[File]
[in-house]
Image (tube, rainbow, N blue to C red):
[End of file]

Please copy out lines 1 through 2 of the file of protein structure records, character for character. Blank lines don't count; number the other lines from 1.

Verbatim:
[in-house]
Image (tube, rainbow, N blue to C red):